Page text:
In in vivo settings, secretion of type III IFNs from tumors achieved antitumor responses against the transduced tumors. Numasaki et al. showed that local secretion of mIFN-λ2 from murine tumors produced antitumors responses which were mediated by neutrophils, NK and CD8-positive T cells . The study also showed that IFN-γ but not IL-12, IL-17, or IL-23 was essential for the antitumor responses. Sato et al. demonstrated that NK and perhaps NKT cells played a crucial role in the antitumor effects with less significant involvement of cytotoxic T cells  although an in vitro assay showed that type III IFNs did not augment NK activities . These results were inconsistent but suggest that type III IFNs induce immune responses, initially innate and sequentially adaptive immunity against tumors. In contrast, Lasfar et al. demonstrated intriguing results with murine B16 melanoma expressing mIFN-λ2 . The growth of the transduced tumors was retarded, and even loss of the tumorigenicity was observed; however, mice that rejected the B16 tumors secreting mIFN-λ2 failed to induce immunological memory responses, suggesting that mIFN-λ2 does not contribute to adaptive immune responses. Moreover, they did not notice enhanced NK activities. These data suggest a possible mechanism by upregulated Mig and IP-10, both of which suppress neoangiogenesis within tumors. The mechanisms of cytotoxicity operating in vivo are different from that in in vitro studies, and several reasons besides the direct growth inhibitory action can explain the antitumor effects by type III IFNs, augmentation of MHC class I antigens expression which subsequently enhances antigenicity of tumors, a possible induction of Th1 type cytokines which increases antigen presenting and favors generation of cytotoxic T cells, and antiangiogenesis. These actions are also shared with type I IFNs and thereby specific immunological significance of type III IFNs remains unknown.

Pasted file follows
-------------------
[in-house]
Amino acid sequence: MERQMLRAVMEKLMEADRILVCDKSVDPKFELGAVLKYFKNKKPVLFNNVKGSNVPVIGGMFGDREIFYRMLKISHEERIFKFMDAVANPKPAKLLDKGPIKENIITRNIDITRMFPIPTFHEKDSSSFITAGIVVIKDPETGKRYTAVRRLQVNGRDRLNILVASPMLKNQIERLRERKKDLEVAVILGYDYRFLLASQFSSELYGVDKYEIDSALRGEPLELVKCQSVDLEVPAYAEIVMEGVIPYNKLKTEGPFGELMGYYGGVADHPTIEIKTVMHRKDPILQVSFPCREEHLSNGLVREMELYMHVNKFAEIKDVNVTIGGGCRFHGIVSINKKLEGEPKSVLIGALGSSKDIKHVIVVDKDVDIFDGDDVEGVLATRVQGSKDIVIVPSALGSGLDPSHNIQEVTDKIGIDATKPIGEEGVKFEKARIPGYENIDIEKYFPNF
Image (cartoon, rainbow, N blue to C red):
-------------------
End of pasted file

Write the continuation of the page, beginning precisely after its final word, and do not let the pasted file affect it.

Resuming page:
6. Conclusions and Prospects
Type III IFNs have multiple functions including antiviral, immunomodulatory, and antiproliferative actions, and the majority of the actions overlap with those of type I IFNs. A restricted expression of the type III receptor complex in contrast with an ubiquitous expression of type I IFNs receptors however suggests differential functions of the type III IFNs in in vivo settings. Several studies in fact demonstrated that differential activities between two types of IFNs in certain experimental models such as responsiveness to viral infections. Antitumor effects produced by type III IFNs may however not be different from those by type I IFNs except the tissues-dependent receptor distributions.
Feasible clinical applications of type III IFNs are determined by a number of factors including the biological activity and the potency. The antitumor effects in vivo of type III IFNs in comparison with type I IFNs are not well established, but the activities of type III IFNs seem to be less potent than those of type I IFNs from the standpoint of the MHC class I upregulation and the antiproliferative action although contradictory results were reported . The restricted expression of type III IFNs receptors however can be a clue for the clinical application in term of cell-mediated delivery of type III IFNs to target tumors. Fibroblasts or endothelial cells, negative for type III IFNs receptors, are resistant to the IFNs-mediated apoptosis but can deliver the IFNs to the target cells in the vicinity. Transduction of such carrier cells with the IFN genes and injection of the cells into type-III-IFNs-sensitive target tumors can generate antitumor effects by inducing apoptotic cell death. Cell-mediated delivery of a soluble factor can be more beneficial than systemic administrations since local concentrations of the factor are relatively maintained in the delivery system. Continuous secretion of factors from the producing cells can produce better therapeutic effects and circumvent any possible adverse effects.